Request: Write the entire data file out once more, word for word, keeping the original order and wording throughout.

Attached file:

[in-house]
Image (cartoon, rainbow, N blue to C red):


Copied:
[in-house]
Image (cartoon, rainbow, N blue to C red):